There followed a long period of wrangling which resulted finally in Egypt taking ownership of the entire find, with some monetary compensation to Carnavon’s estate in respect of the expenses incurred in the excavation. Except for some well-judged donations to foreign museums by the Egyptian authorities, their king of three millennia ago would remain in his tomb and his treasures would remain in his native land. When later it was found, on Carter’s death, that some items had been illegally taken to Britain from the tomb, the British Foreign Office, afraid of a diplomatic furore, managed to repatriate them secretly back to Egypt.
Tutankhamun’s discovery intensified an interest in Egypt and its ancient art which is of long duration. The Greek historian Herodotus had visited Egypt some 2500 years ago and had marvelled at its wonders. The ancient Romans too were intrigued by it and the cult of its goddess Isis had spread throughout Greece and the Roman Empire. It was even held that Egyptian civilisation traced its origins back to the lost continent of Atlantis.
Our modern fascination with Egypt dates back to Napoleon’s military invasion in 1798. His army included scientists and artists who began the era of systematic excavation and documentation of ancient remains. The monuments and artifacts discovered by these early archaeologists unleashed an enthusiasm throughout Europe for all things to do with ancient Egypt, influencing fashionable attire, furniture design, architecture, urban landscaping and much else. London, New York and Paris had to have their ‘Cleopatra’s Needles’ shipped from Egypt – so-called, even though they had only a tenuous, if any, connection with the famous Egyptian queen. Ireland too had some Egyptian chic when in 1867 The Shelbourne Hotel in Dublin purchased four mass-produced ‘Nubian princesses’ from a foundry in France and which still adorn the building’s façade to the present day. And this all before the discovery a hundred or so years later in 1922 of Tutankhamun’s largely intact royal tomb and its treasures.
As regards Tutankhamun himself, his discovery added significantly to our knowledge of the king and his times. His short reign had been quite scantily known to historians, many of whom had dedicated their lives to disentangling the lineage and succession of ancient Egyptian potentates. This lack of information about the boy-king seems all the more extraordinary given the lavish treasures found in his tomb, evidence of his high status and of the regard and importance attached to his reign. The mystery about how he was so neglected in ancient records still remains. Scholars suggest that he was elided from the historical record by hostile successors because of his reign’s attempt to return to the worship of the old gods against the wishes of those who wanted to supplant them with new ones – a scenario curiously reminiscent of some more recent political-religious manoeuvrings.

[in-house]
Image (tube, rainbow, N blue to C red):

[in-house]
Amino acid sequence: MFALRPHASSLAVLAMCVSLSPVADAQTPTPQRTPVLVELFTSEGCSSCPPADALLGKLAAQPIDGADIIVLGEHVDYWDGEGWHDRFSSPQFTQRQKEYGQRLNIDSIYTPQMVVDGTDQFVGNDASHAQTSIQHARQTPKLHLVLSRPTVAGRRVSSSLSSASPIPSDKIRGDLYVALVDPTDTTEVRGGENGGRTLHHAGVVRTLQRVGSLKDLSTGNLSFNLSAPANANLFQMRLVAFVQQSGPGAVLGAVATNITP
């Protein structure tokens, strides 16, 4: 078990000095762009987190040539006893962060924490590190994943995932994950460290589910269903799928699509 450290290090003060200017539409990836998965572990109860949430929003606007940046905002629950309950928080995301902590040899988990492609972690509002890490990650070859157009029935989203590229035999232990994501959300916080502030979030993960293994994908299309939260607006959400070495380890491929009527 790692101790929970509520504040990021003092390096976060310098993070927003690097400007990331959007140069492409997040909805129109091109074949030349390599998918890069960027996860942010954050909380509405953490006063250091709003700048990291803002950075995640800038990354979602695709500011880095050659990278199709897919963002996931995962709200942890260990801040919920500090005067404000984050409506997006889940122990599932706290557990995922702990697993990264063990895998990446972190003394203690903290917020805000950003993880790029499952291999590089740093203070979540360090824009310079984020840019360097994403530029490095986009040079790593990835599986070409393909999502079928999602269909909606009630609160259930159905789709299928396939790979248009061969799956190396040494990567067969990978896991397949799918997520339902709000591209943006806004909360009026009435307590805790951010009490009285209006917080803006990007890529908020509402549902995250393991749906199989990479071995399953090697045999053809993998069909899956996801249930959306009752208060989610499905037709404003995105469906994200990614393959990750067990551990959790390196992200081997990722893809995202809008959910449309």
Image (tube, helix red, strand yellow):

Finally, a question is sometimes raised about our right to disturb people’s graves, even in the name of archaeology. Apart from its splendours and its extraordinary history, it must be remembered that Tutankhamun’s tomb is, after all, just that – a tomb. A last resting place. We would be shocked to find the grave one of our relatives – or any one’s grave – opened and items buried with that person taken away by strangers. One of Carter’s collaborators, Thomas Hoving of New York’s Metropolitan Museum, wrote that when they entered the king’s tomb they felt ‘the near embarrassment of being intruders’. And Carter himself, addressing the charge that archaeologists are little better than the tomb robbers they criticise, wrote in his account of the discovery that ‘by removing antiquities to museums we are really assuring their safety: left in situ they would inevitably, sooner or later, become the prey of thieves, and that, for all practical purposes, would be the end of them’. Considering the fate of the tombs of Egyptian Kings far greater than Tutankhamun, it would be hard to argue that his tomb should have been left ‘in peace’.
Such discoveries are an addition to our knowledge of the past and we can, hopefully, learn from them something about ourselves as human beings who have been given such a short sojourn on the planet. For Egypt itself, emerging again as an independent state and anxious to assert its national identity on the world stage, it was a discovery that came at just the right time.